Effects of practice on marijuana-induced changes in reaction time
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The effect of smoked marijuana on performance of complex reaction time (RT) tasks was studied in two groups receiving different amounts of practice. Group M-P had no undrugged practice on the task before performing during marijuana intoxication for four consecutive daily sessions. On the fifth test day they performed while non-intoxicated. Group P-M performed the task on four consecutive test days while non-intoxicated, then smoked marijuana on session 5. Significant RT slowing was found on session 1 for group M-P (performing during marijuana intoxication without prior practice). Performance of this group improved rapidly and by the end of session 2 was not different from undrugged performance. Group P-M (receiving four sessions of undrugged practice before marijuana intoxication) showed no RT slowing while intoxicated. Reaction time performance may involve two phases: an early, attention-demanding phase which is sensitive to drug effects and a later, “automatic”, phase which results from practice and is more resistant to drug effects.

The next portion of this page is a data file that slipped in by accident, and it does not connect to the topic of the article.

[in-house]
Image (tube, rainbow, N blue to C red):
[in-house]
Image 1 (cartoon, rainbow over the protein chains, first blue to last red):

Pulse rate, salivary flow and subjective responses were recorded before and after smoking. These physiological and subjective measures showed only slight reduction in the acute effects of the drug over the four days of repeated usage.
Key wordsMarijuana Practice Reaction time Tolerance Attention Heart rate Salivary flow Subjective effects
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